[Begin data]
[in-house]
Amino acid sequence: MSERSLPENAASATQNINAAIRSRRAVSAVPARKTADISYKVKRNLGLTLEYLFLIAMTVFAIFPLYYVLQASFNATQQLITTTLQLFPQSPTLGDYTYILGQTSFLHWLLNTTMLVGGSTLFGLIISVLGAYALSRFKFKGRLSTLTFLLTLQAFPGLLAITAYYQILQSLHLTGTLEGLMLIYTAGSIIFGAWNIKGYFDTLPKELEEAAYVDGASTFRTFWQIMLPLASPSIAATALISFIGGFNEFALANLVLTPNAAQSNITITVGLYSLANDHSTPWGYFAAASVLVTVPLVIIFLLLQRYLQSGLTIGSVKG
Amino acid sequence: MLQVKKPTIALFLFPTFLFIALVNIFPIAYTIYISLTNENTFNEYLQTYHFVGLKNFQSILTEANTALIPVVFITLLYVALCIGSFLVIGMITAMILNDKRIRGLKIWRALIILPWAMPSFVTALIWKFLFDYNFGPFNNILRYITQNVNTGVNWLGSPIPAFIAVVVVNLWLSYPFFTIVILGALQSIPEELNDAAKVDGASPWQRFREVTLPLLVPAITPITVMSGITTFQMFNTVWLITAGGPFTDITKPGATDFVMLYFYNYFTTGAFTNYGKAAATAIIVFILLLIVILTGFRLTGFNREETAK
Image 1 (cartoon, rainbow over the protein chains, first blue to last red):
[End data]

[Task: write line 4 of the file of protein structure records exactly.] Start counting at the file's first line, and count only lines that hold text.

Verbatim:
Image 1 (cartoon, rainbow over the protein chains, first blue to last red):